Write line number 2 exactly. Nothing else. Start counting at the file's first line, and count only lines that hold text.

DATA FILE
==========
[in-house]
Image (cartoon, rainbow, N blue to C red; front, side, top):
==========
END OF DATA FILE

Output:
Image (cartoon, rainbow, N blue to C red; front, side, top):